Turnips may be the perfect dual-purpose cover crop. First, their tubers and roots penetrate the soil and cycle nutrients. Early fall planted turnips provide a massive amount of dry matter, while helping to control erosion and suppress weeds. They also work great as a forage crop, especially when mixed with small grains to extend the fall grazing period. while popular options like purple top turnips have large bulbs or tubes, some varieties are bred for a lesser bulb size and larger tops. These options work especially well in grazing environments, and depending on how quickly they regrow, some varieties even allow for multiple grazing cycles during the fall. Because of their small seed size, turnips tend to establish easier in aerial and broadcast applications when compared to radishes, especially in dry conditions and when seeding time may be alter in t he season due to late crop harvests.

  • Excellent dual-purpose cover crop
  • Aids in breaking up compaction
  • Sequester excess nutrients left from cash crops
  • Small seed size is conducive for easier planting (especially in broadcast applications)
  • Provide good early season weed suppression
  • Turnips should be combined with other forages, namely lesser digestible options like grass or dry hay in ruminant animals (to prevent potential livestock disorders)

Vivant Brassica    

Vivant Hybrid Brassica is a quick-growing brassica with very little bulb development. Vivant is best suited for multiple grazing cycle situations because of its excellent regrowth. It can be used to extend the grazing season in the fall or planted alongside warm season annuals for multiple grazings in the summer. With proper management (first grazing in 40-45 days AND subsequent grazing cycles every 25-30 days when grazed no less than 4″), it has the potential to yield over 5 tons of dry matter per acre.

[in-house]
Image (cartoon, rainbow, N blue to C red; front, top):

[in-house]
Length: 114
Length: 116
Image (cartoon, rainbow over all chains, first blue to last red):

• Known for its quick regrowth, even under close grazing
  • All the energy of the plant is contained in the leaves – different than regular turnips
  • Highly digestibility – suitable for dairy, beef, and sheep
  • When fed, brassicas need to be combined with other forages (no more than 2/3 of the total animal diet) to prevent potential livestock disorders



Rapeseed is versatile enough to be planted in the spring for a summer cover, or may be utilized in the fall for a winter cover crop. Rapeseed works great as a dual purpose crop, adapting to a wide range of soil types and conditions. Rape tends to be extremely drought tolerant and stands frost better than some of other brassicas. Because of its winter-hardiness, it’s common for growers to get multiple grazing cycles when feeding rape.

  • Strong biomass production makes it great for fall and winter grazing
  • Offers the most grazing cycles of brassica when planted in alte summer/early fall
  • Performs well in poor soil fertility conditions
  • Likely to overwinter in transition zone and south